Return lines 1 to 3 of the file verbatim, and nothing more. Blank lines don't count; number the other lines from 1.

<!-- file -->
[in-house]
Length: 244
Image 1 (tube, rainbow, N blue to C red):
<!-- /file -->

[in-house]
Length: 244
Image 1 (tube, rainbow, N blue to C red):